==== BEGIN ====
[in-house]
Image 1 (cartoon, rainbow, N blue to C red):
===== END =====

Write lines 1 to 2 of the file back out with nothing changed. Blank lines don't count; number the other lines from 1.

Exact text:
[in-house]
Image 1 (cartoon, rainbow, N blue to C red):